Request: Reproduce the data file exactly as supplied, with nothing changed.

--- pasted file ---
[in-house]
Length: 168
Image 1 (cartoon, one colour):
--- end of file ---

[in-house]
Length: 168
Image 1 (cartoon, one colour):